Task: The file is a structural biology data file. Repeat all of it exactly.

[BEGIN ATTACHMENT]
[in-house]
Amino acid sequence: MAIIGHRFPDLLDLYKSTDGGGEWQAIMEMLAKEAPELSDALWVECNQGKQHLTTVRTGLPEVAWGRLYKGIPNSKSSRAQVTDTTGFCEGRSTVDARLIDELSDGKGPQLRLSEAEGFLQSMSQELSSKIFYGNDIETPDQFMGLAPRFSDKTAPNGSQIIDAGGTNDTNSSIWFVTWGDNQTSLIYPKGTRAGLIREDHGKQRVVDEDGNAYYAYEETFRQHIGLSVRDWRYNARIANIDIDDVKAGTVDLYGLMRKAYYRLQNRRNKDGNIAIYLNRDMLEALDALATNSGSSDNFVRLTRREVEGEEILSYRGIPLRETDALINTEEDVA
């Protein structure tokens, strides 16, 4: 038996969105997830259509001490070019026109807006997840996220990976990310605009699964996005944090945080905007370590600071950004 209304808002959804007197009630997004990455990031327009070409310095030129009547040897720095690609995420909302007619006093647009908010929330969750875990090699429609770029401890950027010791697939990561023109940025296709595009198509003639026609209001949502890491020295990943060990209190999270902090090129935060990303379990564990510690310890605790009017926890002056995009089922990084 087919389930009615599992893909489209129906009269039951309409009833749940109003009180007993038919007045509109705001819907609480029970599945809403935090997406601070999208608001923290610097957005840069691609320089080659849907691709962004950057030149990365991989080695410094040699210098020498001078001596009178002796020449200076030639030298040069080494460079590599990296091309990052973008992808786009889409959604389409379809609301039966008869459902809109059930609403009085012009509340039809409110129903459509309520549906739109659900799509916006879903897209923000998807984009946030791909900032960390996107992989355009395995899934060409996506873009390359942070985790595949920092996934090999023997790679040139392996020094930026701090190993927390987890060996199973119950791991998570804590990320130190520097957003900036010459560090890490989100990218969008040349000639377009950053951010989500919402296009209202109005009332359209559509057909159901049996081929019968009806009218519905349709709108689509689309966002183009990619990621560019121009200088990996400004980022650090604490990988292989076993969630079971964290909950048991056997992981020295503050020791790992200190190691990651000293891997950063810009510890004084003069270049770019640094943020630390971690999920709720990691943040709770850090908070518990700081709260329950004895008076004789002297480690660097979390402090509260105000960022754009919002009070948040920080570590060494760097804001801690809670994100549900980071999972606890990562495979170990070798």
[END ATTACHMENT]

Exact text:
[in-house]
Amino acid sequence: MAIIGHRFPDLLDLYKSTDGGGEWQAIMEMLAKEAPELSDALWVECNQGKQHLTTVRTGLPEVAWGRLYKGIPNSKSSRAQVTDTTGFCEGRSTVDARLIDELSDGKGPQLRLSEAEGFLQSMSQELSSKIFYGNDIETPDQFMGLAPRFSDKTAPNGSQIIDAGGTNDTNSSIWFVTWGDNQTSLIYPKGTRAGLIREDHGKQRVVDEDGNAYYAYEETFRQHIGLSVRDWRYNARIANIDIDDVKAGTVDLYGLMRKAYYRLQNRRNKDGNIAIYLNRDMLEALDALATNSGSSDNFVRLTRREVEGEEILSYRGIPLRETDALINTEEDVA
């Protein structure tokens, strides 16, 4: 038996969105997830259509001490070019026109807006997840996220990976990310605009699964996005944090945080905007370590600071950004 209304808002959804007197009630997004990455990031327009070409310095030129009547040897720095690609995420909302007619006093647009908010929330969750875990090699429609770029401890950027010791697939990561023109940025296709595009198509003639026609209001949502890491020295990943060990209190999270902090090129935060990303379990564990510690310890605790009017926890002056995009089922990084 087919389930009615599992893909489209129906009269039951309409009833749940109003009180007993038919007045509109705001819907609480029970599945809403935090997406601070999208608001923290610097957005840069691609320089080659849907691709962004950057030149990365991989080695410094040699210098020498001078001596009178002796020449200076030639030298040069080494460079590599990296091309990052973008992808786009889409959604389409379809609301039966008869459902809109059930609403009085012009509340039809409110129903459509309520549906739109659900799509916006879903897209923000998807984009946030791909900032960390996107992989355009395995899934060409996506873009390359942070985790595949920092996934090999023997790679040139392996020094930026701090190993927390987890060996199973119950791991998570804590990320130190520097957003900036010459560090890490989100990218969008040349000639377009950053951010989500919402296009209202109005009332359209559509057909159901049996081929019968009806009218519905349709709108689509689309966002183009990619990621560019121009200088990996400004980022650090604490990988292989076993969630079971964290909950048991056997992981020295503050020791790992200190190691990651000293891997950063810009510890004084003069270049770019640094943020630390971690999920709720990691943040709770850090908070518990700081709260329950004895008076004789002297480690660097979390402090509260105000960022754009919002009070948040920080570590060494760097804001801690809670994100549900980071999972606890990562495979170990070798």